Articles written by Cambridge scientists detailed the breakthrough, which have been published in the journal Nature Energy. Kadi Liis Saar, a chemistry PhD Candidate at the University said, “We took the process and saw there were two separate parts – one where you are generating the charge and one where you are converting the charge into power.”

It was reported that scientists have used advanced algae cells, with some of their genes modified to improve performance. The modifications ensured that when the electrical charge was produced through the process of photosynthesis, minimum power was wasted. Dr Paolo Bombelli, involved in the study said, “This a big step forward in the search for alternative, greener fuels, We believe these developments will bring algal-based systems closer to practical implementation.”

Currently, conventional solar panels are still more energy efficient. It is expected that in time that the new biological solar cells will become more appealing. This is down to the ability of algae to grow themselves with the minimal use of energy. This will be especially beneficial to those who live in remote rural communities, like those in some parts of Africa.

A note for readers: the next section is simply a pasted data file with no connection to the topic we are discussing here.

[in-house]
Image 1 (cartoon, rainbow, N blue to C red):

Other advantages to using algae include its ability to store energy naturally. This facility enables the algae to operate even when the Sun is unable to charge them up. Currently scientists are carrying out investigations to make these fuel cells even more efficient. By increasing this efficiency, they will be able to provide competition for solar cells. The process is still at an early stage of development, and investigations are confined to the science lab. Ms Saar views them as playing a key role in the provision of power for remote areas.

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Scientific News (November 2017)